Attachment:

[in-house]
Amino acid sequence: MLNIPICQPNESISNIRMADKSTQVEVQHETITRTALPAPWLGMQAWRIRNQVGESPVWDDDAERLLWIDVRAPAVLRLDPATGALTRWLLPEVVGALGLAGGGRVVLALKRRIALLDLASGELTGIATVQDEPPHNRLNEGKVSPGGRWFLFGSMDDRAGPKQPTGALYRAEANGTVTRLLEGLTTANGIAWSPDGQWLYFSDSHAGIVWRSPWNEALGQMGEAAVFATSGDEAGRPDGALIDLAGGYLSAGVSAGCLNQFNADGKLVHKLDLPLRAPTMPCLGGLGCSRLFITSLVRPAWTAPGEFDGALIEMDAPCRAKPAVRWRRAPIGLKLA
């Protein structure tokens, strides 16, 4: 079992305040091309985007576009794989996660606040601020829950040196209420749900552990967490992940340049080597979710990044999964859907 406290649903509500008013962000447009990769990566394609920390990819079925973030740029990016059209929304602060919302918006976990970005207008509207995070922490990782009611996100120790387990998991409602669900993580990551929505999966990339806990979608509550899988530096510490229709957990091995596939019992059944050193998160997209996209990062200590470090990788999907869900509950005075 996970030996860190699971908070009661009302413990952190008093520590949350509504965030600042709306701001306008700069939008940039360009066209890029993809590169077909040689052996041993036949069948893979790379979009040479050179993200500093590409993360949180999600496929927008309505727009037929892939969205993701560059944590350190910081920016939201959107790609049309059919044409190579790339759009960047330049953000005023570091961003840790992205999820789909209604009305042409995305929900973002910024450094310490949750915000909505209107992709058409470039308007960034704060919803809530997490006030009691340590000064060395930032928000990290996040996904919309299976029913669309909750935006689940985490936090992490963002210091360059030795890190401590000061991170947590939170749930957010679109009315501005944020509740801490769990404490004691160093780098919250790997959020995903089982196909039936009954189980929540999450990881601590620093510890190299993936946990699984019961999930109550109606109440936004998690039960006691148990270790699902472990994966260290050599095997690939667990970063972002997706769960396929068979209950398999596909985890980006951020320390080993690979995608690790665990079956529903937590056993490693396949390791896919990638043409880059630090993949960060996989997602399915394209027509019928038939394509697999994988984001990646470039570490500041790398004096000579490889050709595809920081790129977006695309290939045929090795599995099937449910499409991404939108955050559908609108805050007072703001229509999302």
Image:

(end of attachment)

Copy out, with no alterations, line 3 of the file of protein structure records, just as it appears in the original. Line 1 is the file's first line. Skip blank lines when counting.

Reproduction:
């Protein structure tokens, strides 16, 4: 079992305040091309985007576009794989996660606040601020829950040196209420749900552990967490992940340049080597979710990044999964859907 406290649903509500008013962000447009990769990566394609920390990819079925973030740029990016059209929304602060919302918006976990970005207008509207995070922490990782009611996100120790387990998991409602669900993580990551929505999966990339806990979608509550899988530096510490229709957990091995596939019992059944050193998160997209996209990062200590470090990788999907869900509950005075 996970030996860190699971908070009661009302413990952190008093520590949350509504965030600042709306701001306008700069939008940039360009066209890029993809590169077909040689052996041993036949069948893979790379979009040479050179993200500093590409993360949180999600496929927008309505727009037929892939969205993701560059944590350190910081920016939201959107790609049309059919044409190579790339759009960047330049953000005023570091961003840790992205999820789909209604009305042409995305929900973002910024450094310490949750915000909505209107992709058409470039308007960034704060919803809530997490006030009691340590000064060395930032928000990290996040996904919309299976029913669309909750935006689940985490936090992490963002210091360059030795890190401590000061991170947590939170749930957010679109009315501005944020509740801490769990404490004691160093780098919250790997959020995903089982196909039936009954189980929540999450990881601590620093510890190299993936946990699984019961999930109550109606109440936004998690039960006691148990270790699902472990994966260290050599095997690939667990970063972002997706769960396929068979209950398999596909985890980006951020320390080993690979995608690790665990079956529903937590056993490693396949390791896919990638043409880059630090993949960060996989997602399915394209027509019928038939394509697999994988984001990646470039570490500041790398004096000579490889050709595809920081790129977006695309290939045929090795599995099937449910499409991404939108955050559908609108805050007072703001229509999302």